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Why Are Immigrants Underrepresented in Politics? Evidence from Sweden

Published online by Cambridge University Press:  23 December 2015

RAFAELA M. DANCYGIER*
Affiliation:
Princeton University
KARL-OSKAR LINDGREN*
Affiliation:
Uppsala University
SVEN OSKARSSON*
Affiliation:
Uppsala University
KÅRE VERNBY*
Affiliation:
Stockholm University
*
Rafaela M. Dancygier is Assistant Professor, Department of Politics and Woodrow Wilson School, Princeton University (rdancygi@Princeton.edu).
Karl-Oskar Lindgren is Associate Professor, Department of Government, Uppsala University, Institute for Evaluation of Labour Market and Education Policy (IFAU), and Uppsala Center for Labor Studies (UCLS) (karl-oskar.lindgren@statsvet.uu.se).
Sven Oskarsson is Associate Professor, Department of Government, Uppsala University and Uppsala Center for Labor Studies (UCLS) (sven.oskarsson@statsvet.uu.se).
Kåre Vernby is Associate Professor, Department of Political Science, Stockholm University, Department of Government, Uppsala University, and Uppsala Center for Labor Studies (UCLS) (kare.vernby@statsvet.su.se).

Abstract

Widespread and persistent political underrepresentation of immigrant-origin minorities poses deep challenges to democratic practice and norms. What accounts for this underrepresentation? Two types of competing explanations are prevalent in the literature: accounts that base minority underrepresentation on individual-level resources and accounts that emphasize political opportunity structures. However, due to the lack of data suitable for testing these explanations, existing research has not been able to adjudicate between these theories. Using registry-based microdata covering the entire Swedish adult population between 1991 and 2010 our study is the first to empirically evaluate these alternative explanations. We examine election outcomes to municipal councils over the course of six elections and find that variation in individual-level resources cannot explain immigrants’ underrepresentation. Further, when comparing immigrants and natives who face comparable political opportunity structures a large representation gap remains. Instead, we argue that discrimination by party gatekeepers plays a more significant role in perpetuating the underrepresentation of immigrants than do individual resources or structural variables.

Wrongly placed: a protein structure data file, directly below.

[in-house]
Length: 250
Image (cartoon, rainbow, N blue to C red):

Type
Research Article
Copyright
Copyright © American Political Science Association 2015 

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